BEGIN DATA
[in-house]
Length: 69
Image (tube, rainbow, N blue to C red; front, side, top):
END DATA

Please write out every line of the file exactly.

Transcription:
[in-house]
Length: 69
Image (tube, rainbow, N blue to C red; front, side, top):